Monday, December 13, 2004


Here's a nice break from the awards stuff:

Alfie (1966) - 6/10
Michael Caine stars as a suave womanizer in his breakthrough performance. The film has a light breezy feel, yet a dark undercurrent runs throughout. I can only imagine how shocking some of the material, including an abortion subplot, must have been even in the mid 60's. The women in the film are great. The pacing is slightly off marking the film's biggest hindrance.

Alfie (2004) - 7/10
After seeing Caine in the original, I can easily access that the producers had no other option than Jude Law. In all honesty, I think Mr. Law outdoes Mr. Caine. The film has lost a lot of the effect of the original, but makes it up by putting the weight of the film heavily on Mr. Law's shoulders. The women in the first film were much better, as most of the women in this are pretty one note. It has the same ending as the original, which I thought was good.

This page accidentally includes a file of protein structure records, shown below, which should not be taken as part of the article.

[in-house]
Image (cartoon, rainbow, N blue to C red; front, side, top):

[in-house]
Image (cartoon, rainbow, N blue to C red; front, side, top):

Christmas With the Kranks - 4/10
As much as audiences love Tim Allen & Christmas, I personally prefer Jamie Lee Curtis & Halloween. I have to give props to the girl for appearing in a bathing suit at her age. However, she looked a million times better in Freaky Friday. The odd thing about the message of this film is that the neighbors are psychotically obsessed with Christmas and you think the Kranks would be dying to get out of there. None of it is particularly funny, but I was never bored. And I was briefly excited by the appearance of Wisteria Lane's own Lynette Scavo.

The Clearing - 4/10
This could have been quite good. Three great actors like Robert Redford, Willem Dafoe and Helen Mirren do what they can with the material, which is never fully developed enough for us to care. It is almost a Lifetime TV movie met by a classy cast.

The Motorcycle Diaries - 8/10
The young Che Guevera embarks on a humane road trip with his best friend and uses that as inspiration to become a revolutionary later in his life. Gael Garcia Bernal and, in particular, Rodrigo De La Serna are both terrific in their portrayals as youth looking to change the world. The cinematography, greatly capturing the landscape of South America, is fabulous.

National Treasure - 4/10